Katie to decide future after break13/08/2012 - 13:02:06
Team Ireland gold medal winner Katie Taylor has said she will take a break before deciding where her future lies.
The 26-year-old said she will consider all options, including a professional contract or staying in the amateur ranks and defending her title at Rio 2016.
Katie is making her way home with the rest of Team Ireland and will be landing at Dublin Airport soon.
Katie said: "I am not really sure what I am going to do yet, it is a tough decision. I am going to take a few weeks off, but if I am offered a good contract, obviously I will have to consider it.
"It is my future, it is my career as well so I will have to consider a good professional contract or else I could stay amateur and try to defend my Olympic title.
"Either way it is going to be an exciting career, but I will make that decision in the next few weeks."
Meanwhile, gardaí have said that diversions will be in place and they will be closing some of the roads around Katie's hometown of Bray in anticipation of the crowds expected to welcome her home.
Open-top bus parades will take place later today in Bray and in John Joe Nevin's home town of Mullingar in Co. Westmeath.
Strand Road in Bray will be closed from 3pm until the homecoming is finished with parking restricted at:
Meath Road at its junction with Albert Avenue,
Putland Road from Strand Rd to junction with Meath Road,
Adelaide Road from Quinnsborough Road to Florence Road,
East and West side of Seafront from Albert Avenue to Convent Avenue.
Free parking for the event will be provided at the following locations:
Presentation School, Putland Rd.
St Thomas School on Novara Avenue.
Holy Redeemer Church Car Park on Herbert Rd.
Old Dell Site at Boghall Road / Vevay Road.
Mullingar town centre will be closed between 6pm and 7.30pm for the homecoming of John Joe Nevin.
Local diversions will be in place and a coach will bring Nevin to Cusack Park from Patrick Street on the Athlone side of the town.
Belfast boxers Paddy Barnes and Michael Conlan will be welcomed home at the Titanic museum in Belfast with a parade through the city centre tomorrow.
Dr John Lynch, Chairman of the Irish Amateur Boxing Association, has hailed the "huge success" of Ireland's boxers in London.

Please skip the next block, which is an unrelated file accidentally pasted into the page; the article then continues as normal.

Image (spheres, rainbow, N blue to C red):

Dr Lynch said: "Our sport has been the source of extraordinary and lasting pride to the Irish nation. John McNally won our first boxing medal in 1952 at the Games in Helsinki and 60 years later we are still delivering. It is our pride and passion.
Our sport is purely amateur, democratic, non-sectarian, community based and recognises no borders. It is a sport of the people.
"The huge success in London is largely due to the formation of a coaching strategy put in place in 1989 by the IABA."
Dr Lynch highlighted Gerry Story, Austin Carruth, Michael Hawkins, John Mahon, Brendan O’Conaire, and Gary Keegan as the people responsible for preparing the ground for "this golden age of Irish boxing".
He said: "We thank all the Presidents of past years; in particular, current President Tommy Murphy. At grassroots level, the hard work of the clubs, boxing council, county boards, provincial council and team of volunteers produces these diamonds.
"Katie Taylor, Paddy Barnes, John Joe Nevin, Michael Conlon, Adam Nolan, Darren O'Neill, Billy Walsh, Peter Taylor and Zaur Antia have done their country proud. Their achievements in London have lifted the nation."
He went on to thank the Government, successive Ministers and the Sports Council for the funding of boxing.
Dr Lynch said: "Some people think boxing is for the Olympics. And we prove today it is. But boxing is a passion for so many communities up and down the country.
"It is also one of the great spectator sports. Ask the thousands who stood in the sunshine in Bray on Thursday; ‘is it a great spectacle?’ - they’ll give you the answer."
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